Penguin Species Series #9 - The Emperor Penguin
Guest Blogger - Charles Bergman
Emperor Penguin, Aptenodytes forsteri
Coolest Fact: Emperor penguins are the only creature to breed in the Antarctic winter
Where It’s Found: Around the coast of Antarctica
· IUCN Status: Near threatened—recently upgraded due to significant population declines.
· Population: about 46 colonies, estimated at 595,000 individuals. Expected to decline in next three generations (61 years) by 27%.
· Mating: serial monogamy.
· Nesting: no nests. Vast majority breed on open sea ice. Male exclusively incubates a single egg in its brood patch.
· Annual Cycle: return to colonies in March, breed and hatch in Antarctic winter.
· Life span: 20 years.
· Food: Krill, fish, squid.
· Threats: Because they breed on sea ice, they are especially vulnerable to global warming.
Our First Sighting: January 15, 2010
Antarctic Sound, Antarctic Peninsula
Emperor penguins are the largest penguin species and the iconic penguin. A visit to a colony of emperor penguins is like no other wildlife experience we have had. We visited an emperor colony at Snow Hill Island. The penguins are unique in breeding on sea ice in an Antarctic winter, the most ferocious winter on the planet. The chicks steal the show. They are off-the-charts cute. Their gray-plush bodies and huge curious eyes make the chicks the cutest baby birds I know. The chicks nestle into the golden pillowed chest of the adults and the tenderness between adult and chick, in such a hostile environment, is deeply moving. The feeling they evoke is unique—a combination of awe and affection. Susan and I call this feeling “the penguin glow.”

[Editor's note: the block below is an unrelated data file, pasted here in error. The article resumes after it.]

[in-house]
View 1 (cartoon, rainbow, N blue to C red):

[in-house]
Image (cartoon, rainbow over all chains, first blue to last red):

This new penguin series includes stories, information, and photos not yet published. Read about our quest to see all 18 of the world’s penguin species in my book “Every Penguin in the World.”